Kym Ellery’s first Paris show was feminism powered by body-form foil and flares.
This was Kym Ellery’s first show on the Paris schedule. In her specifically created A3 ‘art book’ handed to press, she expressed her gratitude to all of her supporters for their aid on her journey as a designer from Perth to Paris. Amid this text, a line reads, ‘in a time when the many voices of feminism are being heard, our goal remains the same – to create garments for women of intelligence and empower them’. And this is it. In a world, and on a schedule, where so many male designers take the wheel at the industry’s biggest houses it is easily forgotten that no one knows how to design for women better than a woman. Looking to brands such as Celine, Prada, Westwood, Stella – and now Ellery – it is here that female led design creates truly wearable, functional, beautiful – and sexy – pieces. There is a different sort of energy to these clothes – they aren’t unrealistic or pitted only at certain ideals of what women are told to be – they feel diverse, representative, and really wearable.
Up the Volume
Rather than nipping in, accentuation was brought to the body through adding volume. Billowing flare sleeves were taped at the elbow, with the same at the knee. Giant paper-bag waists were exaggerated – still drawing attention to the midriff but now through a cluster of fabric. Dresses were thick strap and cut straight across the chest, before empire-lining out in heavy fabrics to the floor. Creams, blacks and metallics were the focus, while hardware came in the form of oversized circular rivets and chunked-up silver zips. These were placed often at random – this was not about revealing the female body, nor about covering it. This metal work, combined with the non-body-con cuts, worked in tandem to draw attention to the work as a whole, rather than a cleavage, a thigh, or a lower back.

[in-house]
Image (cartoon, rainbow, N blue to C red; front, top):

Cascading pleating featured throughout – across the body in diagonals, and drawn tighter or looser by hanging fabric bands. Here is presented an element of choice – looser or tighter – your call. A metallic foil-like fabric was body-form, but not tight; it moved almost separately from the body, seen in three dresses either in gold or black. This was standout in terms of garment; but the real work of art here is the intelligence and care taken with all fabric. Quality could be seen from far away – velvets, silks, cottons and leathers were delicate and graceful yet full of punch and substance. These fashion oxymorons are usually complete garbage, but Kym Ellery intelligently designed a massively forward thinking collection – both luxury and wearable. To next season!
Photographer: Thurstan Redding
Words: Tom Rasmussen